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Harvard's graduate student union strike has delayed the release of final grades in some fall semester courses, according to faculty.
Much of the responsibility for grading in courses at the College falls on graduate student teaching assistants, many of whom are members of Harvard Graduate Students Union-United Automobile Workers. HGSU-UAW went on strike on the final day of classes, Dec. 3, over an impasse in contract negotiations with the University.
Striking HGSU-UAW members withheld their teaching responsibilities — including holding office hours, proctoring final exams, and grading assignments — during the strike. As a result, some professors modified the format of final exams or delayed grading them.
The strike, which later became the longest graduate student strike in recent history, concluded on Dec. 31 without a contract agreement.
Roughly 81 percent of grades for College courses were submitted to the Registrar’s Office as of Thursday morning, according to Harvard spokesperson Rachael Dane. Normally, 94 percent of grades would have been submitted by January 2.
The Faculty of Arts and Sciences set a Dec. 27 deadline for professors to post grades online, though FAS Registrar Michael P. Burke wrote in an email to faculty on Dec. 4 that deadlines would not be enforced as normal due to the strike.
“We understand that there may be difficulty in meeting deadlines during the HGSU strike,” Burke wrote. “We are not going to send our usual set of deadline reminders as we do not wish to add to the stress of this period.”
Burke added that faculty should prioritize submitting the grades of “high priority students,” including students who plan to graduate early from the College in March and students with “unsatisfactory grades.”
Senior Preceptor Chase H. Harrison, who taught Government 1010: “Survey Research Methods” this past semester, said he followed the procedures Burke laid out in his email.
Harrison said that in his course — which 117 students took — approximately half of grades have been finalized. Two of the course’s four teaching assistants participated in the strike and did not grade the final papers. Harrison did not ask the non-striking teaching assistants to grade the extra sets of papers.
“I don't think that would be appropriate,” he said.
Philosophy professor David C. Lamberth wrote in an email that he did not replace the labor of striking student workers for his course General Education 1069: “Faith and Authenticity: Religion, Existentialism, and the Human Condition,” which he co-taught with Courtney B. Lamberth and Cornel R. West ’74.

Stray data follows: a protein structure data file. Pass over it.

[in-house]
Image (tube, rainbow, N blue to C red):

“We were opposed to the idea of hiring replacement workers, and we ourselves did not want to replace the work of our Teaching Fellows,” Lamberth wrote.
Not all professors, however, opposed replacing the labor of their teaching assistants on strike. Former University President Lawrence H. Summers, who co-taught General Education 1120: “The Political Economy of Globalization,” wrote in an email that he paid his non-striking teaching fellows at overtime rates to help with grading.
“Finals needed to be graded,” Summers wrote in response to a question about the motivation behind his decision to hire additional labor. He declined to disclose the rate at which they were compensated.
Some professors indicated that they expect the teaching assistants in their courses who were on strike to fulfill their grading responsibilities now that the strike has concluded.
Harrison confirmed that the two teaching assistants in his course who participated in the union’s strike will grade final papers now that the strike has ended. He wrote in an email that he anticipates grading will be complete in roughly a week.
Germanic Languages and Literatures Professor Eric Rentschler, who teaches General Education 1043: “American Dreams Made in Hollywood,” wrote in an email to his students Wednesday that he intends to submit grades by Jan. 21.
“I have reached out to the course TFs and TA this morning in the hope that the people who know your work best will be the ones both to assess it and to submit a final grade reflective of all your endeavors in the course during the fall term,” Rentschler wrote.
Lamberth wrote that he was “operating with the expectation” that his teaching fellows would complete grading when the strike ended. He wrote to his teaching staff once the strike ended Wednesday and expects grading to be completed “relatively soon.”
Though the strike disrupted grading in his course, Lamberth wrote that the strike would “absolutely not” affect his views on hiring teaching fellows for future courses.
“The graduate students who serve as teaching fellows bring remarkable expertise and skills to our classrooms, and we very much value and appreciate everything they bring to our courses,” he wrote.
—Staff writer James S. Bikales can be reached at firstname.lastname@example.org. Follow him on Twitter @jamepdx.
—Staff writer Ema R. Schumer can be reached at email@example.com. Follow her on Twitter at @emaschumer.
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